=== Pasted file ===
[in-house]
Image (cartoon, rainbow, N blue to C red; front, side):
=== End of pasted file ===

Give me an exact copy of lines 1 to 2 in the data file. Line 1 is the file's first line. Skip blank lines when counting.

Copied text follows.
[in-house]
Image (cartoon, rainbow, N blue to C red; front, side):